KTN H2020 BRIEFING EVENT OCTOBER 2017

 

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WILD FISH SHORTAGES: According to the United Nations Department of Economic and Social Affairs (UN-DESA 2009), the world population is expected to grow from the present 6.8 billion people to about 9 billion by 2050, mostly in developing countries (5.67.9 billion).

 

Discarding of unwanted catch in 19902000 has been estimated by FAO at 9.5 million tonnes (Kelleher 2005) or about 10 per cent of reported landings. Some studies have indicated that discarding rates may be substantially greater, regionally or globally (Harrington et al. 2005; Davies et al. 2009), but more recent estimates are not available. Discards appear to have decreased from about 27 million tonnes in 19801990 (Alverson et al. 1994) owing to bycatch reduction efforts as well as an increasing use of bycatch for local consumption, aquaculture feeds, etc.

 

 

OCTOBER 31 2017, LONDON - BRIEFING ON HORIZON 2020 EUROPEAN FUNDING

 

Innovate UK and the Knowledge Transfer Network (KTN) are hosting the H2020 Societal Challenge 2 (Food security, sustainable agriculture and forestry, marine, maritime and inland water research and the bioeconomy) event which is aimed at supporting collaboration across the UK and Europe.

 

They will be promoting funding opportunities available for food security, sustainable agriculture and forestry, marine, maritime and inland water research and the bioeconomy through Horizon 2020, the EUs largest research and innovation funding programme, with over 1 billion Euros earmarked for calls in 2018-2020 [SC1].

 

 

CLEANER OCEAN FOUNDATION LTD (COF) ATTENDANCE

 

We are booked into this event with Andrew Statham attending with a consultant environmental engineer as technical support; Nelson Kay. Chris Close (SeaVax project director) and Richard Whelan (logistics) from Bluebird Marine Systems will also be attending. All four delegates will be available to answer questions on SeaVax and how machines like this could help the world achieve sustainable blue growth and food security.

 

COF is looking for partners within the UK and Europe for a possible H2020 application. Partners could be in any of the following areas in connection with marine sustainability and ocean regeneration :

 

Batteries

Biology: marine, biotech

Boat building

Caterpillar tracked carriages for launch & recovery operations

Cranes: rough terrain

Electronics: power handling

Engineering

Filtration: cyclonic, mesh and oil

Hydraulics: pumps, valves and cylinders

Instrumentation: navigation, ocean sampling

Jet drives: drives and pumping

Motors: diesel and electric, controllers

Pumps: plastic slurry handling

Robotics: programming

Satellites: plastic identification, fleet tracking

Solar Panels: marine, tracking

Sonar: detection and analysis

Waste: recycling, plastic treatment

Wind turbines

 

 

 

THREAT TO FOOD SECURITY: The growing need for nutritious and healthy food will increase the demand for fisheries products from marine sources, whose productivity is already highly stressed by excessive fishing pressure, growing organic pollution, toxic contamination, coastal degradation and climate change. Looking towards 2050, the question is how fisheries governance, and the national and international policy and legal frameworks within which it is nested, will ensure a sustainable harvest, maintain biodiversity and ecosystem functions, and adapt to climate change. This paper looks at global fisheries production, the state of resources, contribution to food security and governance. It describes the main changes affecting the sector, including geographical expansion, fishing capacity-building, natural variability, environmental degradation and climate change. It identifies drivers and future challenges, while suggesting how new science, policies and interventions could best address those challenges.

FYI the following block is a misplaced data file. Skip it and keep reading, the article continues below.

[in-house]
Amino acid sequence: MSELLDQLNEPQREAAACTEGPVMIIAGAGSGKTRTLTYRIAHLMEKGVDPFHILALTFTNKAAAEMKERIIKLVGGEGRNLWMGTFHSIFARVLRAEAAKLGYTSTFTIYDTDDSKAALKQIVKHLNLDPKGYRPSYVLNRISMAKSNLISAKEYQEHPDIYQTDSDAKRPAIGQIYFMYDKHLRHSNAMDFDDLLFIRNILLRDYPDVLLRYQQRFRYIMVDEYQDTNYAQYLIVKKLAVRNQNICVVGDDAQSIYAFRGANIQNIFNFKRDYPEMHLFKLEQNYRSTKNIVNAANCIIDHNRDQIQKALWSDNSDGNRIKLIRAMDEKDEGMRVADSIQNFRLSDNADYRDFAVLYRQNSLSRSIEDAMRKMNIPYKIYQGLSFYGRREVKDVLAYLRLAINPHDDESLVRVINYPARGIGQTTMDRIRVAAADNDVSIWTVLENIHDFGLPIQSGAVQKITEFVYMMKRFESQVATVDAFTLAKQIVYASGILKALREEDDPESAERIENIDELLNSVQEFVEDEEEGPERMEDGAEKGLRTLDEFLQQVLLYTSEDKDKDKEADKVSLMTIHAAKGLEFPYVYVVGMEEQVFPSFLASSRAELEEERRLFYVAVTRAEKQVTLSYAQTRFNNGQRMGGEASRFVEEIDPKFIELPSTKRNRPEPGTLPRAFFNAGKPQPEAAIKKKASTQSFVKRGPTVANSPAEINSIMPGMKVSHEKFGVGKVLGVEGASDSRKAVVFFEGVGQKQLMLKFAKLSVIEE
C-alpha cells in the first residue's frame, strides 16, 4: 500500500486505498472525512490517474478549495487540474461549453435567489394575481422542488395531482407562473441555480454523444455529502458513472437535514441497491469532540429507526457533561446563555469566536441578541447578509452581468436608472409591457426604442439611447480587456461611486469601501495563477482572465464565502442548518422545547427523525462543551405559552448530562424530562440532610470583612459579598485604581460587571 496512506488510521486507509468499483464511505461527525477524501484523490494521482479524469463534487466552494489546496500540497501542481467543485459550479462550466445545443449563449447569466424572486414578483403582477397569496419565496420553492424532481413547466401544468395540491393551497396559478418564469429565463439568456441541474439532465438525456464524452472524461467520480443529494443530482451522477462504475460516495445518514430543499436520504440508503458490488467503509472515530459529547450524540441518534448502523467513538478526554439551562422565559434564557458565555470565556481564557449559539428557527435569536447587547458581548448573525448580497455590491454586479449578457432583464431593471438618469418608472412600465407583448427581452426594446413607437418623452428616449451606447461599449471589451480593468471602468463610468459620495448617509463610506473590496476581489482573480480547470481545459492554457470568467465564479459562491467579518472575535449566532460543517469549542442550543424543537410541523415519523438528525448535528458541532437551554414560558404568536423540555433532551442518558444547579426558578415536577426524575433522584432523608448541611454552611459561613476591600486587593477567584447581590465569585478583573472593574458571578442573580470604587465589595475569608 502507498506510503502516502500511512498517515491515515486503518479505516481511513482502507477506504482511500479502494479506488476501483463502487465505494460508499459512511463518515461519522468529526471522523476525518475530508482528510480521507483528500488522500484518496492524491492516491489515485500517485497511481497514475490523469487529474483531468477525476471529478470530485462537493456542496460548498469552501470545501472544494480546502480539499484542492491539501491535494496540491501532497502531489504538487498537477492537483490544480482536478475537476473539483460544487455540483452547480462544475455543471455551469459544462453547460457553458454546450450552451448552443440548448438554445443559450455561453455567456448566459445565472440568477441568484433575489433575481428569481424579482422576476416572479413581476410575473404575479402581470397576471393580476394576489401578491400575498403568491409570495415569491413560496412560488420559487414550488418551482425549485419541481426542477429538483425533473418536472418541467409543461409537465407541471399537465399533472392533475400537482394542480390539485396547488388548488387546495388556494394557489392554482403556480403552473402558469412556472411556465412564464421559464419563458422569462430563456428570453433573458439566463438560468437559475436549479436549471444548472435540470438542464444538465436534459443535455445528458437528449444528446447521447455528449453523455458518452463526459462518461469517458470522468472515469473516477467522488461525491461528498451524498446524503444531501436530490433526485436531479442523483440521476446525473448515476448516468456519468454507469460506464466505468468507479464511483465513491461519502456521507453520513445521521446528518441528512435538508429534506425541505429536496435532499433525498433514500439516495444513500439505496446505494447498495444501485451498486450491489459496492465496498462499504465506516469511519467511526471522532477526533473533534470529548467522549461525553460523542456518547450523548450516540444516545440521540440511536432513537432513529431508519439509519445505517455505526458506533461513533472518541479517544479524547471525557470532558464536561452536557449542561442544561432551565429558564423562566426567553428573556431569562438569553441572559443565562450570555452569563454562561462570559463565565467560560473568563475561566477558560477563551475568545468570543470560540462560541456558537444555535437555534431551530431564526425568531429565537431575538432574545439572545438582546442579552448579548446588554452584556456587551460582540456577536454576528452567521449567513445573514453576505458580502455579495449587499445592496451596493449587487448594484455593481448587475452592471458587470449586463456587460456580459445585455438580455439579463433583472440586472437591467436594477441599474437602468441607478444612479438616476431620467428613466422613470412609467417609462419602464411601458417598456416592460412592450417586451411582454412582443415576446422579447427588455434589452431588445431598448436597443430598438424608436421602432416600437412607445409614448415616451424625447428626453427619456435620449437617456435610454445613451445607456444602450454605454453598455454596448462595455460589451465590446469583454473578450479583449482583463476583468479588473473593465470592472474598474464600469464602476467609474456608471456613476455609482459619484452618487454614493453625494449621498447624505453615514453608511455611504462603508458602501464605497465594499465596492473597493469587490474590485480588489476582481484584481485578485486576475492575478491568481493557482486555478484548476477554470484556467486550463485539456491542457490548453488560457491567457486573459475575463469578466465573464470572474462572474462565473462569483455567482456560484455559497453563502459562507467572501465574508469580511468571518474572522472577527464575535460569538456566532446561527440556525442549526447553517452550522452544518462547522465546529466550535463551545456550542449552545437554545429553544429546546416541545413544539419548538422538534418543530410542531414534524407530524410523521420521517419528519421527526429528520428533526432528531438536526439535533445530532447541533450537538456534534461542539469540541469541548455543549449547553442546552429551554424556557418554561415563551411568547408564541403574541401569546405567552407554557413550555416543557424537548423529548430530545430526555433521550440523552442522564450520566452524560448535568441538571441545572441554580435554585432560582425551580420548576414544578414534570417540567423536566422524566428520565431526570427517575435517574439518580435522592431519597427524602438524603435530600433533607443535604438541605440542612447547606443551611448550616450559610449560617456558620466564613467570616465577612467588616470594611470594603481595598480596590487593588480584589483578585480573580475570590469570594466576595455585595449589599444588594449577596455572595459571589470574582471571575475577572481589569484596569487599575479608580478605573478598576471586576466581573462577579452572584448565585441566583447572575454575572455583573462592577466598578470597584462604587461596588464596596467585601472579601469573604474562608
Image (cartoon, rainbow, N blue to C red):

There are no complete or consistent time series but according to FAO (2009, SOFIA 19902008), the global fleet size, all vessel sizes included, had doubled from about two million vessels in the 1970s to some four million in the 2000s. The largest number operates from Asia. According to FAO (2009), the size of the Chinese fleet of vessels over 100 tonnes in 1996 was approximately 15 000. Adding these to the vessels registered by the Lloyds Maritime Information Services (LMIS; FAO 1999, p. 73) leads to an estimate of the world fleet size of 4345 000 vessels over 100 tonnes in 1996. The global fleet capacity index (fishing power) appears to have increased by a factor of six between 1970 and 2005, a period during which the global harvesting productivity decreased by the same amount (World Bank 2009).

 

 

WHAT DELEGATES CAN EXPECT FROM THE EVENT ORGANISERS:

-  pointers and tips on achieving success in Horizon 2020
-  valuable insights on topics around the Societal Challenge 2 to be funded by the EU in 2018
-  an overview of the support available locally and nationally to develop applications
-  brokerage sessions throughout the day
-  consortium building and proposal development on specific calls

 

 

 

EU HORIZON 2020 - FOOD SECURITY, SUSTAINABLE AGRICULTURE and FORESTRY, MARINE, MARITIME and INLAND WATER RESEARCH and the BIOECONOMY

 

A transition is needed towards an optimal and renewable use of biological resources and towards sustainable primary production and processing systems. These systems will need to produce more food, fibre and other bio-based products with minimised inputs, environmental impact and greenhouse gas emissions, and with enhanced ecosystem services, zero waste and adequate societal value.

Agriculture, forestry, fisheries and aquaculture, together with the bio-based industries, are integral parts of the European economy and society. Relying on the use of limited natural resources, these sectors produce and process biological resources to satisfy the demand of consumers and a wide range of industries for food, feed, bio-energy and bio-based products. While they enhance Europes self-reliance and provide jobs and business opportunities essential for rural, coastal and marine areas, these sectors are also facing significant challenges which require solutions based on research and innovation.

Agriculture and forestry

Agriculture and forestry have always had and maintain an important role for EUs society: they supply reliable, healthy and nutritious food as well as feed and non-food products for a wide range of industries, shape and take care of our landscapes, provide public goods, and keep the countryside alive by providing jobs. Research activities and policies will help to cope with the three main challenges these sectors are facing today: securing viable food production in face of a growing world food demand; ensuring sustainable management of natural resources and climate action; and finally to contribute to a balanced territorial development of the EUs rural areas and their communities.